Over the past decade, water and wastewater utilities, much like electric utilities, have become more dependent on the internet to carry out their daily operations. Water and wastewater plants rely on the same industrial control systems (ICS) and applications prevalent in most process automation and energy facilities, and are therefore subject to similar cyberthreats. Considering the obvious fact that maintaining and securing a reliable municipal water supply to US citizens is of critical importance, many have long believed that the sector has been underserved and underbudgeted with regard to industrial cybersecurity.
As of October of 2018, the long-needed shift toward cybersecurity governance over community water systems has become a reality with America’s Water Infrastructure Act (AWIA). Section 2013 of the AWIA states that:
“Each community water system serving a population of greater than 3,300 persons shall conduct an assessment of the risks to, and resilience of, its system. Such an assessment:
- Shall include an assessment of:
- The risk to the system from malevolent acts and natural hazards
- The resilience of the pipes and constructed conveyances, physical barriers, source water, water collection and intake, pretreatment, treatment, storage and distribution facilities, electronic, computer, or other automated systems (including the security of such systems) which are utilized by the system
- The monitoring practices of the system
- The financial infrastructure of the system
- The use, storage, or handling of various chemicals by the system
- The operation and maintenance of the system
- May include an evaluation of capital and operational needs for risk and resilience management for the system.”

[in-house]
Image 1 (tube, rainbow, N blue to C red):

From a cybersecurity standpoint, this now means that municipal water organizations need to act fast in order to complete and certify their risk and resilience assessment and develop an emergency response plan (ERP). The deadline to comply is determined by the population that a water management company services, and failure to comply by the assigned deadline can mean a hefty fine of up to $25k per day past the due date.
Emergency Response Plan
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September 30, 2020
December 31, 2020
June 30, 2021
June 30, 2021
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To successfully complete a risk and resilience assessment, every asset owner in water and wastewater needs to ask themselves:
- Can I identify all assets on my network?
- Can I discern which assets are controlled manually, and which ones are automated?
- Can I monitor and manage remote access and on-premises assets connected to the internet?
- Can I proactively detect anomalous network behavior and vulnerabilities?
- Can I reliably contain and report cyber and operational threats?
To answer these questions, the average water and wastewater operations team will need to invest in cybersecurity tools that can support the risk and resilience assessment requirements outlined in AWIA. By automatically creating and monitoring an asset inventory, OT network monitoring tools can help streamline compliance with AWIA by automating device inventory and risk management processes and providing emergency responders with extensive data to implement informed ERP strategies.
Some additional benefits of implementing OT network monitoring include:
- Reduced asset inventory costs by automating the process of creating and maintaining one.
- Reduced workloads for both cybersecurity and operations teams.
- Improved overall reliability of operations.
The data captured by these solutions can also help implement network policies to prevent unauthorized and/or dangerous behaviors, monitor the system for scheduled and unscheduled maintenance, validate operational processes, and control policy execution.
To learn how SilentDefense can help simplify compliance with Section 2013 of America’s Water Infrastructure Act (AWIA), check out our compliance guide.